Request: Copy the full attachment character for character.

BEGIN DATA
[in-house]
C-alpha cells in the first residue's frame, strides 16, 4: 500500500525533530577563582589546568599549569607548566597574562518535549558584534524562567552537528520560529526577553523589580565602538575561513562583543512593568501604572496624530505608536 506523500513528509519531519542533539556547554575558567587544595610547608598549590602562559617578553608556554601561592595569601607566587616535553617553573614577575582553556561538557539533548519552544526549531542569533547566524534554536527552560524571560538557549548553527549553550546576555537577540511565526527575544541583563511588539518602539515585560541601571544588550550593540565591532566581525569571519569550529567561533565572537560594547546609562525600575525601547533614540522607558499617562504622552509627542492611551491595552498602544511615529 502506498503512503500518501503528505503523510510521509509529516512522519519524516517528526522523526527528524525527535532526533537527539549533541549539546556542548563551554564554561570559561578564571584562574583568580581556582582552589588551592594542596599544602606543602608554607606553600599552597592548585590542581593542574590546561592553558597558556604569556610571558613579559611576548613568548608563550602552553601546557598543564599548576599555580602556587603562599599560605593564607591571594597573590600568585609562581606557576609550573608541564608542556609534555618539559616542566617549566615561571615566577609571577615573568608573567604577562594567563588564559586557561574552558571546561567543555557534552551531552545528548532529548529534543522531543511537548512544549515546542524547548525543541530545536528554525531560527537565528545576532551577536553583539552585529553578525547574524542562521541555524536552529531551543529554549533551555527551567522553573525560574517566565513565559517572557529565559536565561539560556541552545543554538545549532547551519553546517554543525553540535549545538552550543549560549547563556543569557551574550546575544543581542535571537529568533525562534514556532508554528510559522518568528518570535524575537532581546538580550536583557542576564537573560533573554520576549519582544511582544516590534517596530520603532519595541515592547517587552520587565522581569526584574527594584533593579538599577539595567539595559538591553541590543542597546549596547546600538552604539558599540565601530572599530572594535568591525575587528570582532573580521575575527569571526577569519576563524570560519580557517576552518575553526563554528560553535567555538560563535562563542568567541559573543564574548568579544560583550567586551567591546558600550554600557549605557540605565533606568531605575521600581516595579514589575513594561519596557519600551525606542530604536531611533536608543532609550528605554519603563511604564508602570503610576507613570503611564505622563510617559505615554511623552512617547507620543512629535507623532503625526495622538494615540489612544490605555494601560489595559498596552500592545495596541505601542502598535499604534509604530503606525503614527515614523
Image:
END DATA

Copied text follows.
[in-house]
C-alpha cells in the first residue's frame, strides 16, 4: 500500500525533530577563582589546568599549569607548566597574562518535549558584534524562567552537528520560529526577553523589580565602538575561513562583543512593568501604572496624530505608536 506523500513528509519531519542533539556547554575558567587544595610547608598549590602562559617578553608556554601561592595569601607566587616535553617553573614577575582553556561538557539533548519552544526549531542569533547566524534554536527552560524571560538557549548553527549553550546576555537577540511565526527575544541583563511588539518602539515585560541601571544588550550593540565591532566581525569571519569550529567561533565572537560594547546609562525600575525601547533614540522607558499617562504622552509627542492611551491595552498602544511615529 502506498503512503500518501503528505503523510510521509509529516512522519519524516517528526522523526527528524525527535532526533537527539549533541549539546556542548563551554564554561570559561578564571584562574583568580581556582582552589588551592594542596599544602606543602608554607606553600599552597592548585590542581593542574590546561592553558597558556604569556610571558613579559611576548613568548608563550602552553601546557598543564599548576599555580602556587603562599599560605593564607591571594597573590600568585609562581606557576609550573608541564608542556609534555618539559616542566617549566615561571615566577609571577615573568608573567604577562594567563588564559586557561574552558571546561567543555557534552551531552545528548532529548529534543522531543511537548512544549515546542524547548525543541530545536528554525531560527537565528545576532551577536553583539552585529553578525547574524542562521541555524536552529531551543529554549533551555527551567522553573525560574517566565513565559517572557529565559536565561539560556541552545543554538545549532547551519553546517554543525553540535549545538552550543549560549547563556543569557551574550546575544543581542535571537529568533525562534514556532508554528510559522518568528518570535524575537532581546538580550536583557542576564537573560533573554520576549519582544511582544516590534517596530520603532519595541515592547517587552520587565522581569526584574527594584533593579538599577539595567539595559538591553541590543542597546549596547546600538552604539558599540565601530572599530572594535568591525575587528570582532573580521575575527569571526577569519576563524570560519580557517576552518575553526563554528560553535567555538560563535562563542568567541559573543564574548568579544560583550567586551567591546558600550554600557549605557540605565533606568531605575521600581516595579514589575513594561519596557519600551525606542530604536531611533536608543532609550528605554519603563511604564508602570503610576507613570503611564505622563510617559505615554511623552512617547507620543512629535507623532503625526495622538494615540489612544490605555494601560489595559498596552500592545495596541505601542502598535499604534509604530503606525503614527515614523
Image: